Story by Alan McNarie
Photo by Olivier Koning
It’s a crisp afternoon in Waimea, and Bruno Giovanoli is
doing what he loves. He unloads a lightweight hybrid bike from the LifeCycle
Adventures van for a client, then gets his own bike, with its graphite wheels and
racing handlebars. LifeCycle’s tours are usually self-guided, but today
Giovanoli, who runs the company’s Big Island operation, is going along. He
adjusts seats, answers last-minute questions, and then the group heads out,
hunching over their handlebars against the tradewinds roaring between Mauna Kea
and Kohala mountain.
Hawai‘i Island, home of the Ironman Triathlon, has long been
a mecca for hardcore cyclists like Giovanoli, a Swiss émigré with a lean frame
and huge, biking-sculpted calves. But LifeCycle, a West Coast company that
expanded to the Big Island last year, tailors tours for cyclists with a
somewhat softer core. It books lodging, from inexpensive hotels to high-end
B&Bs. It rents budget to thoroughbred road bikes (but no mountain bikes;
LifeCycle doesn’t go off-road) for those who don’t want to schlep their own. A
chase van, which follows bikers in case of a breakdown, delivers luggage to the
night’s destination and will even pick up purchases if, say, a cyclist buys a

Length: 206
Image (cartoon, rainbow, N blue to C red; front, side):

painting at one of the island’s art towns.
Giovanoli’s favorite one-day tour is the Kohala Mountain
Road, which climbs from coastal Hawï to over 3,400 feet before descending into
Waimea: On this island the price of an incredible vista is often a long, steep
climb. But there are also beautiful, less strenuous rides, like the jaunt from Waimea
to Honoka‘a, which winds through pastureland and rainforest via Old Mamalahoa Highway.
While many riders underestimate how long it’ll take to get somewhere and
overestimate their ability, says Giovanoli, the typical LifeCycle client will
be able to manage the Big Island’s long, hot stretches and uphill climbs. “They
at least all like cycling or they wouldn’t contact us.”
This afternoon’s destination is Waianuhea, a luxurious rainforest
lodge that serves gourmet dinners. Tomorrow the van will collect bikes after a
short but spectacular run down to Honoka‘a, but Giovanoli will head back to
Waimea tonight. “I’ll have the wind behind me,” he says.